5. No_Hazmats says:

    I see ‘Orun’ beat me to it, but it’s worth repeating. People tend to over do things to their own detriment.
    http://xkcd.com/936/

  6. Ardham Grace says:

    This is too funny. GUILTY on about 4 on that list! Ugh.

  7. I am always suprised at the number of people I visit whos password is just that “password” I even had one elderly gentleman who told me he used it for his online banking!!!

  8. Marcotur says:

    do you also have the list of the UserId with 123456?

  9. sajid says:

    no my password isn’t qwerty ;)

  10. Lyndi says:

    I used a tool called KeePhrase, it makes passwords out of classic literature. Easy to remember: http://keephrase.com/

  11. Is 12345 the same as 123456?

  12. AIM Soiree says:

    I’m in all sorts of trouble!
    Regards,
    Ashley Michael Bailey

  13. Richard says:

    A good idea to form a password is the use of a long phrase using the initial letters. Eg;
    I am single my income is $60K and work @ IT = Iasmii$6Kaw@IT. You won’t forget it and is secure. A generator has the inconvenience of not remembering it.

  14. HoddTaley says:

    Good Password = not using one of the 25 passwords on this website.
    Good Password = not giving a hacker a list of 25 possible passwords.
    Good Password = something that is unique to you and doesn’t come from a list generated from a website.
    Good Password = one you don’t share in the comments section of a website b/c you see that it is on the list above.

  15. I keep all mine slightly different so cracking one doesn’t mean they are all cracked, but it is easier to remember

  16. roadie rob says:

    THEORY: “multiple passwords” is a plot conceived by your bank. It keeps them safer (at least as far as legal obligations) but not you because now you have to record all your passwords somewhere. Which is at least as big a security hole as having one good pw.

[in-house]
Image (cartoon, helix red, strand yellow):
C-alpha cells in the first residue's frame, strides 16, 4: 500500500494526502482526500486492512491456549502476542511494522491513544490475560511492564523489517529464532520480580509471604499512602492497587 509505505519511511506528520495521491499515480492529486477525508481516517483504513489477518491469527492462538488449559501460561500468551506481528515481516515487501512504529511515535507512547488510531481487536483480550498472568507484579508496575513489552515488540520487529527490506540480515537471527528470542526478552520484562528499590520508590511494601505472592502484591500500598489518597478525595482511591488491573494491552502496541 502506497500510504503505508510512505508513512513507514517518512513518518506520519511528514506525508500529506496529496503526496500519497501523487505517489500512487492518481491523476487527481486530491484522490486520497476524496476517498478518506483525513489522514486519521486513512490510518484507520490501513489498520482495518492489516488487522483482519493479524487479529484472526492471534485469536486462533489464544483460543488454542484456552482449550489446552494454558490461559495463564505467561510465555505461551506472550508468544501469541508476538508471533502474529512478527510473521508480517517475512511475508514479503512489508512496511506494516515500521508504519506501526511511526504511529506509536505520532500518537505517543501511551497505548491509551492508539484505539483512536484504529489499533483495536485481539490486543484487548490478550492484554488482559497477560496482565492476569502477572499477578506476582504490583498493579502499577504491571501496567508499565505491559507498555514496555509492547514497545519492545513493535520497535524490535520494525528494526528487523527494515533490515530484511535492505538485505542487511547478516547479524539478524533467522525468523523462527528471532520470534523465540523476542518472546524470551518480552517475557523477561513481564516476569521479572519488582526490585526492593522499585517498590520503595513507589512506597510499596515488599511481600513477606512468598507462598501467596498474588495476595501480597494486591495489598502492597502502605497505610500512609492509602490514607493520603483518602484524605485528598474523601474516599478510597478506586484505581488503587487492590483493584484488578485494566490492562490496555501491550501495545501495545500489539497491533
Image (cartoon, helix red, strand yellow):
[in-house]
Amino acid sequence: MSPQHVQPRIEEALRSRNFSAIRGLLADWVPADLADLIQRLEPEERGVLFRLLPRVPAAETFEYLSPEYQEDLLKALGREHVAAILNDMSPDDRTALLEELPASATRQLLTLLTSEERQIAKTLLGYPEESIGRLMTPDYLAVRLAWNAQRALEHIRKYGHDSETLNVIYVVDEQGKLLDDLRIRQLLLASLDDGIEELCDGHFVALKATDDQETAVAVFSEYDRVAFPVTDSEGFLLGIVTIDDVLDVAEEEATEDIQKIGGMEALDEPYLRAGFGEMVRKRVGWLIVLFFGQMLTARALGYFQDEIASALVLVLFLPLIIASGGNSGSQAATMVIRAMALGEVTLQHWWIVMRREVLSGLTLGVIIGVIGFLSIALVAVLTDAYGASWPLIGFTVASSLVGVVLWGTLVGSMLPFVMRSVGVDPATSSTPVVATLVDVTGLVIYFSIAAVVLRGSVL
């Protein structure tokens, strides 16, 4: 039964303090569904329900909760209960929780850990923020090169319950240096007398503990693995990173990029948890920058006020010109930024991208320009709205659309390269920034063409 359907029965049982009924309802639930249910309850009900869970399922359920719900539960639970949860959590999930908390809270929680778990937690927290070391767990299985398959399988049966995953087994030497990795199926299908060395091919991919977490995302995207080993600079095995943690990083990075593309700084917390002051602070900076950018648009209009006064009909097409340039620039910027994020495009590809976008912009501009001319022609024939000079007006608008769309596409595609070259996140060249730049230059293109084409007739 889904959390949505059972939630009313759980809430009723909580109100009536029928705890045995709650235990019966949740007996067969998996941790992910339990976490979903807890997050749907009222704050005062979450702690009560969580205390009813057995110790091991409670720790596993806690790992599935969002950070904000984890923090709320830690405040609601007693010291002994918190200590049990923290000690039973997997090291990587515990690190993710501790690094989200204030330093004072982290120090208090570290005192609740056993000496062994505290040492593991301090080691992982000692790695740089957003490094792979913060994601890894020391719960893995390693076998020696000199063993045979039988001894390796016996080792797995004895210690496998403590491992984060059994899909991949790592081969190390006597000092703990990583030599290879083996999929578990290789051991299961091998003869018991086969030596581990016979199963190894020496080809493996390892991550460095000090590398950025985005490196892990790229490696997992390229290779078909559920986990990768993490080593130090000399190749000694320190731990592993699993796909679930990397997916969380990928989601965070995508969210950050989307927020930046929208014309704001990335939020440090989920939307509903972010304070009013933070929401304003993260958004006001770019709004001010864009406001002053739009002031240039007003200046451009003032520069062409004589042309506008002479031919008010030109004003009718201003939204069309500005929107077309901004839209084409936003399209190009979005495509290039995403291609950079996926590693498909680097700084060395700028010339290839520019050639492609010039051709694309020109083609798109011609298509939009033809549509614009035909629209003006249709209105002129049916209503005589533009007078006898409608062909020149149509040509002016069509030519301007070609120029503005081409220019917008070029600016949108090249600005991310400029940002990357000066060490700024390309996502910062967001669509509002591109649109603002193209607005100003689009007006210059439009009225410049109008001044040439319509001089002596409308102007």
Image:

17. b says:

    i didn’t think many people besides me used monkey as a password…haha weird

  18. David says:

    I think it’s funny that “ashley” is so high on the list. What does that say about people named Ashley?

  19. anon says:

    passwords are so old hat, no passphrases however…

  20. John Snidermen says:

    Or you can do what I do. Don’t put anything valuable on the internet. Then you dont have to worry about getting your password stolen.

  21. Diego Melham says:

    a cool way to make a seemingly complex password is to shift one key to the left (or right) of each letter of a word you are sure to remember, for example –> sunday –>[shift right]–>dimfsu … taa daa

  22. RE: hard for humans to remember, and easy for computers to guess
    And that’s why you make passwords that are easy for humans, but difficult for computers. Length is the only way to do that, complexity be damned.
    1like2ridemybike@CentralParkinBudapest
    is much better than
    Ae8&^l
    The first password would take roughly 1.3 x 10^41 days for a single computer to crack. Essentially, never. The second, and much more difficult password to REMEMBER will take about half a MINUTE to crack.
    o_0

  23. Orun says:

    “Through 20 years of effort, we’ve successfully trained humans to create passwords that are hard for humans to remember, and easy for computers to guess”xkcd
    http://xkcd.com/936/

  24. RoboForm try out the free version, then go pro. All passwords generated and locked in under one password. Back up regularly for safe keeping.

  25. That’s why i use password generator!